In 2020, consumer adoption of telehealth services jumped to 49% from 11% in 2019. Telehealth medicine is now a mainstay in the delivery of health services, and the adoption of this virtual solution is expected to grow steadily. Now you can speak to a doctor anytime, from anywhere, and get the help you need without planning a visit to a physical health facility. Here are some ways that telehealth has redefined health care.
Quicker Access to Care
The U.S. is projected to be short more than 120,000 doctors by 2030, while Australia expects to see a shortfall of nearly 9,300 full-time general practitioners in the next decade. That means people will likely have to wait longer to receive treatment. Most patients who want to see a doctor have non-emergency illnesses or injuries that don’t require a visit to a physical office.
Telehealth now enables these patients to conveniently consult online doctors, receive professional advice or care, and start the path to recovery much sooner.
Development of Better Healthcare Apps
With more people adopting telemedicine, software developers are working tirelessly to develop powerful health care applications. These apps are designed to deliver virtual health services from providers to patients and help patients get more information about their condition before speaking to a doctor.
Apart from chat and video conferencing, some of the features we are seeing include the ability to take medical tests remotely, complete symptom evaluations for pre-diagnosis, take part in community forums, complete ePrescriptions, and enable AI-powered chatbots.
Improved Telemedicine Training
The rise of telehealth means doctors, nurses, and other health workers need additional training to help them deliver better remote care. Training minimizes errors, adds more value, and ensures the patient’s experience is just as positive as an in-office appointment.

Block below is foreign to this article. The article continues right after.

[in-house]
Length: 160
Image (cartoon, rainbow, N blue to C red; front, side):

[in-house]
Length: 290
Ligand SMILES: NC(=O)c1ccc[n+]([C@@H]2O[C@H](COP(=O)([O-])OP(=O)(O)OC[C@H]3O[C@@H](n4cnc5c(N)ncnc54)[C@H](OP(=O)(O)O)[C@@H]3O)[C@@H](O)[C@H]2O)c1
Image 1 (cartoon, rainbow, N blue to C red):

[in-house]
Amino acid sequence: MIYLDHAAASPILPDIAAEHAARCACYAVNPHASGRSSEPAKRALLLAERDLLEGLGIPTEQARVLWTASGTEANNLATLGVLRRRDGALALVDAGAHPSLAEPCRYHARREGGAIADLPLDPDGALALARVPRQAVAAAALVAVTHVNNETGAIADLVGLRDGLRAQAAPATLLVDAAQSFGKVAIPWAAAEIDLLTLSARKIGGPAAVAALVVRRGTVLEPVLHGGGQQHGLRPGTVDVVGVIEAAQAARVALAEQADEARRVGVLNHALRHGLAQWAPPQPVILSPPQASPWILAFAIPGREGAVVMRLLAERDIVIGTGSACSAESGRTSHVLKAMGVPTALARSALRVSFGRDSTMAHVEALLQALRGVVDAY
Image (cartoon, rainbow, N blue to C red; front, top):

There are now various training programs for health workers that allow them to further their education online during their free time. Thanks to the incorporation of artificial intelligence into the training, learners can now access digital simulation labs to mimic experiments and sharpen their skills before working with a patient.
Better Patient Monitoring
Remote patient management uses non-invasive technology to gather critical patient data outside of a traditional doctor’s office. Patients can use a personal app that helps them track their health, while doctors can receive data from that app to get a clear picture of a patient’s health. The data captured includes vital signs, blood pressure, oxygen levels, heart rate, weight, and other metrics.
This solution enables health providers to monitor how a patient is doing in real time, identify problems, offer professional guidance, and even recommend immediate treatment.
Reduced Health Care Costs
It’s no secret that health care is costly for the patient, health organizations, businesses, and the government. If fully embraced, telemedicine can offset some of these expenses. First, an appointment via telemedicine costs less when compared to a doctor’s office visit or an emergency room visit.
Telehealth reduces unnecessary non-urgent trips to the emergency room as patients can get a diagnosis through an online conversation with a doctor. Solutions such as remote monitoring decrease readmission rates and complications, lowering health care costs in the long term.
Telehealth Is Still Evolving
In 2020, telemedicine has proven to be life-saving, allowing medical practitioners to pool their resources and take care of patients from afar. The adoption of telehealth isn’t about to stop any time soon. People are increasingly growing comfortable with it and often prefer it over traditional methods of receiving care.
Telehealth services provide convenience for those seeking care, cuts health costs in different ways, and improves the patient experience. In the next decade, we expect to see innovations that will enhance telehealth quality and give consumers more control over their health.